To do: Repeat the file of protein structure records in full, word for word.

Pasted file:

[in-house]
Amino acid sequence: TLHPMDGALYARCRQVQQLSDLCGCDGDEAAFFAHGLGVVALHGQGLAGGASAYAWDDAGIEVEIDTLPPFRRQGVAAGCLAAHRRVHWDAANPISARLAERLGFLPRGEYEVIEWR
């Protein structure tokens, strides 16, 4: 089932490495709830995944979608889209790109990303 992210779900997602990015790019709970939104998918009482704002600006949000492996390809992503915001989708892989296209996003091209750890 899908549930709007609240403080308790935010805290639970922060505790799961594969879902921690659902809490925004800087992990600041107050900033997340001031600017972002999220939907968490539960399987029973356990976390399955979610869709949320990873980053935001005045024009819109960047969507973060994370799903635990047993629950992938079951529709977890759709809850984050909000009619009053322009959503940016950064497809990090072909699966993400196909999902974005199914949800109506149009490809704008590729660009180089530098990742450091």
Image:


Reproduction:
[in-house]
Amino acid sequence: TLHPMDGALYARCRQVQQLSDLCGCDGDEAAFFAHGLGVVALHGQGLAGGASAYAWDDAGIEVEIDTLPPFRRQGVAAGCLAAHRRVHWDAANPISARLAERLGFLPRGEYEVIEWR
């Protein structure tokens, strides 16, 4: 089932490495709830995944979608889209790109990303 992210779900997602990015790019709970939104998918009482704002600006949000492996390809992503915001989708892989296209996003091209750890 899908549930709007609240403080308790935010805290639970922060505790799961594969879902921690659902809490925004800087992990600041107050900033997340001031600017972002999220939907968490539960399987029973356990976390399955979610869709949320990873980053935001005045024009819109960047969507973060994370799903635990047993629950992938079951529709977890759709809850984050909000009619009053322009959503940016950064497809990090072909699966993400196909999902974005199914949800109506149009490809704008590729660009180089530098990742450091």
Image: